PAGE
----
The Canadian Studies Center and Center for Human Rights, housed at the Henry M. Jackson School of International Studies, invite you to join us for the following event:
What does it mean to be Canadian? The history of Canadian citizenship is complicated and, since Confederation, was denied to many as a result of archaic and obscure legislation. The legislation was particularly discriminatory against women, children, Asian and Indo-Canadians, as well as Indigenous peoples. Those whose citizenship was revoked or denied as a result are known as “Lost Canadians.” Today, over half a million of them reside in the U.S., probably unaware that they are now Canadian citizens.
Don Chapman, a University of Washington alumnus and former United Airlines pilot, discovered his own revoked citizenship status; thus began his fight to restore citizenship rights to himself and others. Chapman has been the inspiration and force behind seven Parliamentary bills to amend the Citizenship Act, with the result that Canadian status has been granted to somewhere between one and two million people, retroactively. Are you one of them? The answer might surprise you.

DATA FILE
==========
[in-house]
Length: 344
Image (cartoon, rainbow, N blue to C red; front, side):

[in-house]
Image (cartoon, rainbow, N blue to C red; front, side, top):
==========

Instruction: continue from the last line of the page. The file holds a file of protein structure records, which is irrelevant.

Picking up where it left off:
It turns out Seattle is a hot-bed of “Lost Canadians.”
Join Don Chapman for an engaging discussion centered around his 2015 book, The Lost Canadians: A Struggle for Citizenship Rights, Equality, and Identity. He will talk about citizenship as a basic human right, what it means to be rendered stateless, present-day discrimination, and his own experiences as a private individual changing federal legislation in Canada.